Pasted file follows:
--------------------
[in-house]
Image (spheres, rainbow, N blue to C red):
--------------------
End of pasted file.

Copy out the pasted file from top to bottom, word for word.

[in-house]
Image (spheres, rainbow, N blue to C red):